Give a candid description of yourself (who are you as a person) stressing the personal characteristics you feel to be your strengths and weaknesses and the main factors which have influenced your personal development, giving examples when necessary. (600 words max.)
At the age of eleven my mother enrolled me in an English language immersion school, where for five days a week I attempted to divulge my thoughts in a language, as distant to my own as the nearest country where it was spoken. I didn’t understand the need to memorize new words or why an English-language magazine replaced my favorite comics. However, with my trademark tenacity, I translated articles, competed with friends in vocabulary quizzes, and put together my first independent phrases, developing skills that would become crucial to success later in life. Though shy at the time, I pushed my timidity aside during after-school conversation classes with my Australian tutor Mike, the first foreigner I had met. As my English improved, we discussed differences between Australia and Poland, his favorite local dishes and my wanderlust to one day visit and ski in his country.
A string of instructors followed –Bob, who found a wife in Poland and invited my entire high school class to his wedding, Mr. Jones, a pastor from Alabama who moved with his wife and three children and spoke about the Bible, and Holly, the first “hippie” professor at my rather conservative high school. Along with improving English, I learnt to communicate effectively with people from backgrounds different than my own and appreciate the new perspectives they brought into my life. Today, I enjoy working in intercultural teams and applying my cultural sensibility to challenges that sometimes arise with differing perspectives. This helps me be a better leader and team player and gains the respect of colleagues and clients alike.
I let passion and intellectual curiosity lead all my personal and professional pursuits. During a trip to France I indulged in my favorite travel pastime – a cooking class. After dutifully researching my options I enrolled in a French speaking class. Undeterred by a lack of fluency (having only studied French for 3 months at the time) and armed with friendliness and a big smile – two traits that always seem to work – I joined my French cohorts for an evening of culinary (and linguistic) adventure. I observed in silence, trying to emulate the chef’s vocabulary but often needing to bridge my lack of fluency with body language and improvisation. The experience served as motivation to further pursue French by way of a private teacher and immersion-study in France; I can’t wait to return to France and test my fluency in Chef’s kitchen.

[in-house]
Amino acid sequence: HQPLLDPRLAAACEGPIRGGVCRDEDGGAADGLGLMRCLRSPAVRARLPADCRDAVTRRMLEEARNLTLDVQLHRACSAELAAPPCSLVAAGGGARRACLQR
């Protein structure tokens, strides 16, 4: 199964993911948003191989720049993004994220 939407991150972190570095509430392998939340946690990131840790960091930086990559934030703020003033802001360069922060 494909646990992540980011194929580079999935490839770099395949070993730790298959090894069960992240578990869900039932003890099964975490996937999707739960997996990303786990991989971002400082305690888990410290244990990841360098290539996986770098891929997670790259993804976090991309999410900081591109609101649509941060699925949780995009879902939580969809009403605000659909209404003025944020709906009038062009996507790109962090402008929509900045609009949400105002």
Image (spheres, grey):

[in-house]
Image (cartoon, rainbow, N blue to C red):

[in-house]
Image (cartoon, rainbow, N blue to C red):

The same creativity I found in the kitchen also helps me as a business consultant. Although I am well versed in the financial industry, the diversity of clients I work with requires that I apply creativity to frame complex problems, find pragmatic solutions and drive engagements to a successful finish that exceeds client expectations.
Because my hobbies are often individual in nature, I had to rely solely on my own persistence, even stubbornness, to achieve results. Maintaining a strong opinion was paramount to my success in sales and trading where I had to make split-second decisions, often going against general consensus or market trends. But after transitioning into business consulting, I realized that obstinacy could be a weakness that stalls progress and limits consensus driven solutions. Because my next career steps will increasingly lead me towards management and executive functions, I have to be prepared to uphold the right balance between standing my ground and relying on consensus driven decisions, a skill I hope to further cultivate through my INSEAD experience.